First they've got the 100-degree temps, which of course has cooked the brush into a potential tinderbox and then you throw fireworks into the mix.
None of our firefighters are sleeping soundly right now.
They've got to respond a moment's notice, and that notice runs 24-7.
"It's always an unknown, you never know exactly what you're going to get when you get to the scene."
Lt. David Stark explained that even after years as a firefighter every call he is sent out on is different.
"On the way to the fire we're gathering all the information that we can from the dispatch, trying to anticipate what the needs are going to be, what future resources we're going to need," said Lt. Stark.
But its never a solo effort, his team at Fire Station 1 always has each other's back when entering dangerous situations.
"We keep an eye on each other to make sure there's no signs of heat stress or anything that a crew member would be exhibiting," said Lt. Stark.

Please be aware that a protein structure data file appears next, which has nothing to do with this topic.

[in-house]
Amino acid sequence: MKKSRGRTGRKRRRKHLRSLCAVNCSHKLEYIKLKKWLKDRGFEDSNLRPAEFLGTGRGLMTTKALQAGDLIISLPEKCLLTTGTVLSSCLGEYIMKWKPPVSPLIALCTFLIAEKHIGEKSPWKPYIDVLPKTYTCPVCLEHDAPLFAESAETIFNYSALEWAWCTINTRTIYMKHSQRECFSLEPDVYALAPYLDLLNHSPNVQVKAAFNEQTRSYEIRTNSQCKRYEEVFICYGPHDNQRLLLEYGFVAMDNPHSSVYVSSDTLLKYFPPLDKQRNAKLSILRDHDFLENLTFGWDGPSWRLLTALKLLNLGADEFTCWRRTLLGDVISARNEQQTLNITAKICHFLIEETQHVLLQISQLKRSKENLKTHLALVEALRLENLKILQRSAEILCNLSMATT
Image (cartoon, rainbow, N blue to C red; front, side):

And the extreme heat only makes matters worse. Stark explains that the firefighters prepare themselves for battling fire in extreme temperatures by staying in shape and drinking lots of water.
And with the 4th of July just around the corner, firefighters all over the area are prepared for an increase in fires. Although fireworks are illegal in most parts of the county, they still manage to make their way into the hands of local residents.
After speaking with Yakima County Fire District 5, I learned that last year in the 24 hour period of July 4th, they received a total of 35 alarms. 25 for fires and 10 for medical calls.
And with the temps hovering at a hundred or above for most of the afternoon, Lt. Stark says he can't stress it enough, stay hydrated and avoid prolonged exposure to the heat.